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Open AccessReview

Relative Entropy in Biological Systems

by John C. Baez 1,2,* and Blake S. Pollard 3,*
1
Department of Mathematics, University of California, Riverside, CA 92521, USA
2
Centre for Quantum Technologies, National University of Singapore, Singapore 117543, Singapore
3
Department of Physics and Astronomy, University of California, Riverside, CA 92521, USA
*
Authors to whom correspondence should be addressed.
Academic Editor: Kevin H. Knuth
Entropy 2016, 18(2), 46; https://doi.org/10.3390/e18020046
Received: 9 December 2015 / Revised: 18 January 2016 / Accepted: 21 January 2016 / Published: 2 February 2016
(This article belongs to the Special Issue Information and Entropy in Biological Systems)
In this paper we review various information-theoretic characterizations of the approach to equilibrium in biological systems. The replicator equation, evolutionary game theory, Markov processes and chemical reaction networks all describe the dynamics of a population or probability distribution. Under suitable assumptions, the distribution will approach an equilibrium with the passage of time. Relative entropy—that is, the Kullback–Leibler divergence, or various generalizations of this—provides a quantitative measure of how far from equilibrium the system is. We explain various theorems that give conditions under which relative entropy is nonincreasing. In biochemical applications these results can be seen as versions of the Second Law of Thermodynamics, stating that free energy can never increase with the passage of time. In ecological applications, they make precise the notion that a population gains information from its environment as it approaches equilibrium. View Full-Text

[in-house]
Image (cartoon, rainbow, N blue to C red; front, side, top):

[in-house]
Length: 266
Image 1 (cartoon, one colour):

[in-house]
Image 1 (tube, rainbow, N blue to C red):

Keywords: Second Law; relative entropy; relative information; Kullback–Leibler divergence; free energy; Markov process; reaction network; game theory Second Law; relative entropy; relative information; Kullback–Leibler divergence; free energy; Markov process; reaction network; game theory
MDPI and ACS Style

Baez, J.C.; Pollard, B.S. Relative Entropy in Biological Systems. Entropy 2016, 18, 46.

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